And some well-meaning people say Jesus never intended to establish the Church. They say Jesus was a holy man, they even say he was the Son of God and the Savior of the World. But he never wanted to start a church. Baloney! That was the plan all along, from the very beginning of the story of Jesus. Jesus started the Church when he called together that first group, that body of twelve disciples. The Jesus movement was always a corporate, social movement; it was never just a collection of religious individuals. The Church was always meant to be the Body of Jesus.

“The body is a unit, though it is made up of many parts; and though all its parts are many, they form one body. So it is with Christ.” ~1 Corinthians 12:12

The Bible is not saying that the Church has lots of different members and we’re all supposed to work together. It says Christ has different parts of his body and we’re it! We are his body, not because we all agree with each other about everything, not even because we all like one another. We are his body because we have one Lord and that one Lord is totally committed to always being physically present and flesh-and-blood active in his world.

We are the mouth and eyes and ears and hands and feet of Jesus. We are his body on earth. And if anybody’s going to meet Jesus in this world, they’re going to meet him through the Church, the Body of Christ.

Peace,

Allan

Salvation in Being Known

“Now that you know God — or rather are known by God…” ~Galatians 4:9

The apostle Paul corrects himself here. He realizes the salvation emphasis should not be on you knowing God but rather, or more importantly, on God knowing you. He’s got it backwards, so he fixes it. Salvation is not found in knowing God.

But I feel like that’s the way I was raised. A lot of us were. I needed to know God and know things about God in order to be saved. But somewhere along the way it turned into knowing things about God in order to be right. Or to be better. That’s probably to be expected in the world and time in which we live. But knowing became the most important thing. And what we knew made us right. And saved. We were right about church, right about God’s will, right about baptism, right about worship, and right about who’s going to heaven and who’s not based on what we thought we knew about God.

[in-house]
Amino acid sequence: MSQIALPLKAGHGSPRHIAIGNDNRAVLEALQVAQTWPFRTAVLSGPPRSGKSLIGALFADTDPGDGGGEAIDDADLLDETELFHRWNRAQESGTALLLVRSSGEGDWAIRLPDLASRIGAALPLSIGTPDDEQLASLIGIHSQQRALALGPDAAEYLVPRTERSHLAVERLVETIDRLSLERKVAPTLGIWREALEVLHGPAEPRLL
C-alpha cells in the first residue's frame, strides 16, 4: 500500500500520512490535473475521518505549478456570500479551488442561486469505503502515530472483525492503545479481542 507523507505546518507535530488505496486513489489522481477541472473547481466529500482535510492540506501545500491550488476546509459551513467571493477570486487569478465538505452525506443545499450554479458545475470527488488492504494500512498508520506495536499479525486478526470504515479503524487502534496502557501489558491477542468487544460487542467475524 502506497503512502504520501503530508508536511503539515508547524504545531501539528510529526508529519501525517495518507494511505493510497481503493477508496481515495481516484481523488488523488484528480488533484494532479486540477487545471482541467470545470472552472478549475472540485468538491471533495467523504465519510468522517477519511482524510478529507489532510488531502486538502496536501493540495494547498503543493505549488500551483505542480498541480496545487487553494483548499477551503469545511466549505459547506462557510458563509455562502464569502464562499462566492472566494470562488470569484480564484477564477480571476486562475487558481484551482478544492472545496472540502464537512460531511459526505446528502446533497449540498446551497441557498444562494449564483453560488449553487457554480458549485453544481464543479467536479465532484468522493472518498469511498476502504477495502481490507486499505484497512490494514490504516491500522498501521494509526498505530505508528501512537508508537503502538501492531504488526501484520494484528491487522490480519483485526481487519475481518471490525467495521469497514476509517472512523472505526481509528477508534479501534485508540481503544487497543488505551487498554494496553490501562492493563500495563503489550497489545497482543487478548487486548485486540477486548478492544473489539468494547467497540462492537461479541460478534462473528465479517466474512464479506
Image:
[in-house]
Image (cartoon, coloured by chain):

We failed to realize that this desire to know in order to be right kept us from being truly known. It kept us from being truly loved.

We think we know everything about God, but it’s only the God we believe him to be or want him to be. The mystery’s gone and so is the need to trust. The more I know and the more I’m right, the less faith I need. When my relationship with God is based on the facts I know about God, I can also get really judgmental about others. While that may make me feel safe and protected, it can also separate me from others and increase my isolation.

So, I know a lot of things but I don’t allow myself to be known in ways that make me feel truly understood and forgiven and encouraged. By other people or by God.